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On Monday, workers rallied in Seattle to celebrate Verizon Wireless Worker Jesse Mason's return to work. Verizon illegally fired Mason in early 2022 in retaliation for his union organizing activity. In response, CWA filed an Unfair Labor Practice charge with the National Labor Relations Board (NLRB) against Verizon Wireless.
In a win for Mason, his co-workers, and fellow organizers, the NLRB formally issued a complaint alleging the company’s actions broke the law. After months of back and forth, Mason and Verizon Wireless reached a settlement that includes Mason’s reinstatement at his Seattle and Shoreline stores, as well as compensation for back pay and damages.
“As soon as I heard about the settlement, I was jumping up and down calling everyone I know. The whole reason I was insistent on getting my job back was I wanted to show everyone you have the right to organize,” Mason told The Guardian.
This is a major victory for all workers who wish to form a union and sends a strong message to anti-union employers, even the ones as big and powerful as Verizon Wireless, who often get away with such unlawful behavior towards workers, that they can be held accountable. Mason’s return to work marks another milestone for Verizon Wireless workers, who have been organizing at stores across the country to secure living wages, better working conditions, and increased staffing levels.
CWAers, other union members and supporters held a rally on Monday to mark Jesse Mason’s return to his job after reaching a settlement with Verizon Wireless following his illegal firing last year.
CWA, the Strategic Organizing Center, and the NAACP released a new report on Tuesday that exposes significant racial inequities at Maximus, one of the federal government’s largest service contractors, whose frontline workforce is nearly 50% Black and Latina women. The report reveals that workers interviewed at Maximus’ call centers, which serve the Centers for Medicare and Medicaid Services (CMS), felt they have no clear paths to career advancement, keeping their careers stagnant in the lowest roles. The new report also shows that while white men make up only 9% of frontline workers, they account for nearly 50% of Maximus’ executives, and Black and Latina women account for only 5% of executives.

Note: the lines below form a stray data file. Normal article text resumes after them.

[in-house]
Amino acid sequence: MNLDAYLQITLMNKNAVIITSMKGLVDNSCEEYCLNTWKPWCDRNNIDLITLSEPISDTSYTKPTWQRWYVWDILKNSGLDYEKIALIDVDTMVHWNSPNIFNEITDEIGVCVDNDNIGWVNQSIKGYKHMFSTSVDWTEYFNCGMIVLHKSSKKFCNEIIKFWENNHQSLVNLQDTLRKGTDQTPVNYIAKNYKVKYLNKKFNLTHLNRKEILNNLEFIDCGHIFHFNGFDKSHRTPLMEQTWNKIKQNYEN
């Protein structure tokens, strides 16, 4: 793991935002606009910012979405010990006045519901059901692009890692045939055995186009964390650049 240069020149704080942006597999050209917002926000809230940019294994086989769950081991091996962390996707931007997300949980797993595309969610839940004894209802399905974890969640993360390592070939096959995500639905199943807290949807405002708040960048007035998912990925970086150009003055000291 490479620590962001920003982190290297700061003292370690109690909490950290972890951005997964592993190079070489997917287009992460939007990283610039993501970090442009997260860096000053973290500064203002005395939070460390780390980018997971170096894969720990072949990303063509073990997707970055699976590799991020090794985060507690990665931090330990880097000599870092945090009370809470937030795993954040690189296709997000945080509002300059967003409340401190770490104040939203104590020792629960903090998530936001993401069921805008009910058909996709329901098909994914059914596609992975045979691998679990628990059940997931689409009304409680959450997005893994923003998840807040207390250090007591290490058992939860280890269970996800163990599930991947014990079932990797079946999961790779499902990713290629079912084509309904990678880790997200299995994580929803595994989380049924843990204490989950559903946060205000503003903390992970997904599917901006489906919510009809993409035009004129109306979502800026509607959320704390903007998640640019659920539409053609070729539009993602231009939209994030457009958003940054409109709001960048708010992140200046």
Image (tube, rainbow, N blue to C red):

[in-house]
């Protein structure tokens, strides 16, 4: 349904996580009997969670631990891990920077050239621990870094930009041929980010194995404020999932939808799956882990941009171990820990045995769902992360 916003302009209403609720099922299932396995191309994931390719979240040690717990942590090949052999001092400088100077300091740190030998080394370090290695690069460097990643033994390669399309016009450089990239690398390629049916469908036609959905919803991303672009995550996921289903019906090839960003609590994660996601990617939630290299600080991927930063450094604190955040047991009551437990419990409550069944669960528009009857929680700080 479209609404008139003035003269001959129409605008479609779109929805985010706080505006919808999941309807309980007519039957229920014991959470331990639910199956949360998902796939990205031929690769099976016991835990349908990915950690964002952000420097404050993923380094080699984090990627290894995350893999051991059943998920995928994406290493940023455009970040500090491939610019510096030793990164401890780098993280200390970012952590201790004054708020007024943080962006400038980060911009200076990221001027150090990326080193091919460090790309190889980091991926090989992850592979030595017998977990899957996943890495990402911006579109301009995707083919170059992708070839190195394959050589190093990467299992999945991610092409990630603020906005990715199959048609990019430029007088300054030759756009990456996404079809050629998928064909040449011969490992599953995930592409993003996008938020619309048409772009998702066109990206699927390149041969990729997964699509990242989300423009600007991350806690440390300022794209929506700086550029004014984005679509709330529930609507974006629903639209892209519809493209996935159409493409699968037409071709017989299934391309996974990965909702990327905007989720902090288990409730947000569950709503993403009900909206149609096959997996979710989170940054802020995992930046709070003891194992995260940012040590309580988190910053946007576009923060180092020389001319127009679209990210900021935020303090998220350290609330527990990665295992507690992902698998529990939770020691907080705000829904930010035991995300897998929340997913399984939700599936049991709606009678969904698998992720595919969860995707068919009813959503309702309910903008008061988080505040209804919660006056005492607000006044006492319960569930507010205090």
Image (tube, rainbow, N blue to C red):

“Workers at Maximus have been organizing with CWA to fight for living wages, affordable healthcare, fair treatment, and a voice on the job. Black women workers, who make up a significant portion of the workforce at the largest Maximus call centers, have been courageously leading this fight and raising the alarm about the lack of equity. We are proud to stand with them” said CWA President Chris Shelton. “In the last year alone, Maximus CEO Bruce Caswell received over $200,000 in bonuses tied to diversity metrics. This is insulting to Maximus workers who, despite their efforts to move up in the company, continue to be held at the bottom of the corporate ladder with no hope of meaningful advancement. It’s long past time we hold this federal contractor accountable and ensure that all workers at Maximus, regardless of race or background, are given the respect and opportunities they deserve.” CWA and the NAACP have issued a letter calling on the Biden administration to live up to its commitments to ensure racial equity and take action by investigating racial disparities and potential obstacles to equal employment opportunities at Maximus.
A group of labor, racial justice, and political leaders including Congressman Bennie Thompson, NAACP President Derrick Johnson, CWA President Chris Shelton, and Mississippi Black Women’s Roundtable Executive Director Cassandra Welchlin held a virtual press conference on Tuesday to announce the release of the report, express their solidarity with Maximus workers, and call for an investigation by the Biden Administration. Read more here.